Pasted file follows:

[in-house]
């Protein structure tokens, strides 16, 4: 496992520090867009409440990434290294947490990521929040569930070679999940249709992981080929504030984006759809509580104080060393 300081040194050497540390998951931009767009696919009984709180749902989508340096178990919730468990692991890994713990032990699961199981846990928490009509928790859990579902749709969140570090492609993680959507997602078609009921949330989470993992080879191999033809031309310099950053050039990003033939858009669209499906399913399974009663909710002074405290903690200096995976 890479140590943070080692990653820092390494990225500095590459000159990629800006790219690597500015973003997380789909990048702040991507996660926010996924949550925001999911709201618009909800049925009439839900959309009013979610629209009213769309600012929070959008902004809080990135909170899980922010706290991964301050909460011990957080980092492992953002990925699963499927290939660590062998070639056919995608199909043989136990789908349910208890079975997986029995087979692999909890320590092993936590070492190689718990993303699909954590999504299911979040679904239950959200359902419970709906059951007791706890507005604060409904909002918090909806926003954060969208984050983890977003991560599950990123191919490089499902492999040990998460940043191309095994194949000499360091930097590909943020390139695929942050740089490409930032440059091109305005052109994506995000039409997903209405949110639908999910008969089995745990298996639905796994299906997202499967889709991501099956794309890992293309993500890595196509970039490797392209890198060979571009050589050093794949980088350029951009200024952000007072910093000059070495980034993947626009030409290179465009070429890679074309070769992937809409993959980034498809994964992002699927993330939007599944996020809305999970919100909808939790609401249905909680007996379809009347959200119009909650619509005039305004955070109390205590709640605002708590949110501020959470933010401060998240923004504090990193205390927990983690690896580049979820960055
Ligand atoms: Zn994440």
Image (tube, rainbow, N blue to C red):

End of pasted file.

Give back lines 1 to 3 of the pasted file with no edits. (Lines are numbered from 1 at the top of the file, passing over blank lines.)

[in-house]
């Protein structure tokens, strides 16, 4: 496992520090867009409440990434290294947490990521929040569930070679999940249709992981080929504030984006759809509580104080060393 300081040194050497540390998951931009767009696919009984709180749902989508340096178990919730468990692991890994713990032990699961199981846990928490009509928790859990579902749709969140570090492609993680959507997602078609009921949330989470993992080879191999033809031309310099950053050039990003033939858009669209499906399913399974009663909710002074405290903690200096995976 890479140590943070080692990653820092390494990225500095590459000159990629800006790219690597500015973003997380789909990048702040991507996660926010996924949550925001999911709201618009909800049925009439839900959309009013979610629209009213769309600012929070959008902004809080990135909170899980922010706290991964301050909460011990957080980092492992953002990925699963499927290939660590062998070639056919995608199909043989136990789908349910208890079975997986029995087979692999909890320590092993936590070492190689718990993303699909954590999504299911979040679904239950959200359902419970709906059951007791706890507005604060409904909002918090909806926003954060969208984050983890977003991560599950990123191919490089499902492999040990998460940043191309095994194949000499360091930097590909943020390139695929942050740089490409930032440059091109305005052109994506995000039409997903209405949110639908999910008969089995745990298996639905796994299906997202499967889709991501099956794309890992293309993500890595196509970039490797392209890198060979571009050589050093794949980088350029951009200024952000007072910093000059070495980034993947626009030409290179465009070429890679074309070769992937809409993959980034498809994964992002699927993330939007599944996020809305999970919100909808939790609401249905909680007996379809009347959200119009909650619509005039305004955070109390205590709640605002708590949110501020959470933010401060998240923004504090990193205390927990983690690896580049979820960055
Ligand atoms: Zn994440």